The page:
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Remembering Malcolm McLaren 

 

Malcolm McLarenMalcolm Robert Andrew McLaren
22 January 1946 – 8 April 2010

Malcolm McLaren, music impresario and former manager of The Sex Pistols, has died aged 64 after a long battle with cancer.

McLaren was a dominant cultural force in both music and fashion and pioneered the British punk movement.

Born to Pete and Emmy McLaren in the suburbs of post-World War II London, he was raised by his grandmother in Stoke Newington. He once told interviewer Andrew Denton on his Enough Rope programme that his grandmother always said to him: ‘To be bad is good... to be good is simply boring’.

It was a philosophy McLaren took to heart. After being expelled from a succession of art colleges in the 1960s, McLaren began designing clothes, opening a shop on the Kings Road with his then-girlfriend, fashion designer Viviene Westwood.

After spending time in America with the band the New York Dolls, McLaren returned to the UK in April 1975, renaming the shop SEX and selling provocactive S&M influenced clothing.

By this time, McLaren was managing a band called The Strand. After introducing bassist Glen Matlock and bringing in John Lydon (Johnny Rotten) as the frontman, the band were renamed The Sex Pistols.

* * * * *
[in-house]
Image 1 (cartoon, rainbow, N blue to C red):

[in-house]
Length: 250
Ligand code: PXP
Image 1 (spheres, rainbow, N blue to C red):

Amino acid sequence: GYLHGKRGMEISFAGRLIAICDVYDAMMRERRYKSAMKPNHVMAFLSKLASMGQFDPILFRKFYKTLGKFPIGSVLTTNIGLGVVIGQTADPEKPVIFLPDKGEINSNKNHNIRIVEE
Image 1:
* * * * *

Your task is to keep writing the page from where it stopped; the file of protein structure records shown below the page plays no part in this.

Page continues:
Ever the controversialist, McLaren released the band’s single God Save the Queen during the week of the Queen’s Silver Jubilee in 1977, resulting in predictable levels of public outrage and cementing his own notoriety in the process.

In October 1977, The Sex Pistols released their album Never Mind the Bollocks. In later years, it would come to be hailed as one of the most influential albums of all time - but by January 1978, it was all over for The Sex Pistols. The band split up during their US tour.

Never one to let the grass grow under his feet, McLaren went on to manage Adam Ant and Bow Wow Wow. By 1983, he had released an album of his own, Duck Rock. With heavy African and US rap influences, the album was influential in bringing hip-hop to a wider audience in the UK. Two of the singles from the album Buffalo Gals and Double Dutch became top 10 hits in the UK.

In the early nineties McLaren had moved into television, but had returned to recording by 1993, releasing the album Paris.

More recently, McLaren co-produced the film adaptation of Fast Food Nation and presented the documentary series Malcolm McLaren's Musical Map of London for BBC Radio 2. This was followed in 2007 by Malcolm McLaren's Life and Times in LA.

Malcolm McLaren leaves behind a son Joe Corré, whom he had with Vivienne Westwood.

Nigel Elderton, Deputy Chairman MCPS commented:

“Malcolm was irascible, bright and incredibly talented. I had the great privilege to represent his catalogue over the past years during which time we became good friends. I will miss him terribly.”

 

Read M magazine's interview with Malcolm from December 2009

 

 
 
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